Chronic fatigue syndrome (CFS) is a condition where symptoms are too intense to continue exercise.
A new therapy developed by scientists at the University of Manchester has been hailed as a significant step towards a cure.
Chronic fatigue is a chronic condition that can be debilitating for sufferers and can lead to long-term disability.
Chronic exertion, or over-exertion, can lead a sufferer to suffer from fatigue.
Chronic overwork can lead sufferers to be overworked, and to experience exhaustion and fatigue-related problems.
The team at the Manchester Biomedical Research Institute have developed a new treatment that uses the body’s natural immune system to combat fatigue.
It is a treatment that works by restoring blood flow to the muscles of the body, including the muscles involved in muscle movement.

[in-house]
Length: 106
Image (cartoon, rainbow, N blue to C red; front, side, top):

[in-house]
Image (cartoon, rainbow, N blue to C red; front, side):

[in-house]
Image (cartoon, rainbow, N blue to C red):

Chronic exercise can also contribute to fatigue, but the new treatment is believed to work by repairing muscle tissue in the muscles and joints of the patient.
The new treatment, called Myalgic Encephalomyelitis-CoV-19, or ME/CFS, was published in the journal Nature.
The study found that the new therapy reduces symptoms of fatigue by about 60 per cent and helps people feel more rested and less fatigued.
It also boosts muscle strength and endurance.
Dr James Lomax, senior lecturer in exercise science at the university, said: “Myalgic encephalomyeloid encephalopathy (ME/CEC) is an inflammation of the brain that is associated with various illnesses.
“The aim of our study was to develop a new therapeutic approach to improve the quality of life and reduce chronic fatigue in ME/CE sufferers.””
The treatment has been designed to improve cognitive function and the quality and frequency of physical activity, which are critical factors for long-lasting improvements in health.” “
The aim of our study was to develop a new therapeutic approach to improve the quality of life and reduce chronic fatigue in ME/CE sufferers.”
The treatment has been designed to improve cognitive function and the quality and frequency of physical activity, which are critical factors for long-lasting improvements in health.
“Dr Lomacks research was supported by the Wellcome Trust and the Manchester Institute for Cancer Research.
For more on the research, please visit the BBC News site.